Many experts believe attempts to completely ban killer robots are likely to fail,[83] in part because detecting treaty violations would be extremely difficult.[84][85] A 2017 report from Harvard's Belfer Center predicts that AI has the potential to be as transformative as nuclear weapons.[76][86][87] The report further argues that "Preventing expanded military use of AI is likely impossible" and that "the more modest goal of safe and effective technology management must be pursued", such as banning the attaching of an AI dead man's switch to a nuclear arsenal.[87]

Other reactions to autonomous weapons[edit]

A 2015 open letter by the Future of Life Institute calling for the prohibition of lethal autonomous weapons systems has been signed by over 26,000 citizens, including physicist Stephen Hawking, Tesla magnate Elon Musk, Apple's Steve Wozniak and Twitter co-founder Jack Dorsey, and over 4,600 artificial intelligence researchers, including Stuart Russell, Bart Selman and Francesca Rossi.[88][79] The Future of Life Institute has also released two fictional films, Slaughterbots (2017) and Slaughterbots - if human: kill() (2021), to warn the world about the risks of autonomous weapons and the urgent need for a ban, both of which went viral.

Professor Noel Sharkey of the University of Sheffield has warned that autonomous weapons will inevitably fall into the hands of terrorist groups such as the Islamic State.[89]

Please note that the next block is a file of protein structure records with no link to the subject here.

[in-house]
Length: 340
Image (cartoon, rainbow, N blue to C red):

Disassociation[edit]

Many Western tech companies are leery of being associated too closely with the U.S. military, for fear of losing access to China's market.[35] Furthermore, some researchers, such as DeepMind's Demis Hassabis, are ideologically opposed to contributing to military work.[90]

For example, in June 2018, company sources at Google said that top executive Diane Greene told staff that the company would not follow-up Project Maven after the current contract expired in March 2019.[48]

See also[edit]

References[edit]

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Further reading[edit]

  • Paul Scharre, "Killer Apps: The Real Dangers of an AI Arms Race", Foreign Affairs, vol. 98, no. 3 (May/June 2019), pp. 135–44. "Today's AI technologies are powerful but unreliable. Rules-based systems cannot deal with circumstances their programmers did not anticipate. Learning systems are limited by the data on which they were trained. AI failures have already led to tragedy. Advanced autopilot features in cars, although thesddsy perform well in some circumstances, have driven cars without warning into trucks, concrete barriers, and parked cars. In the wrong situation, AI systems go from supersmart to superdumb in an instant. When an enemy is trying to manipulate and hack an AI system, the risks are even greater." (p. 140.)
  • The National Security Commission on Artificial Intelligence. (2019). Interim Report. Washington, DC: Author.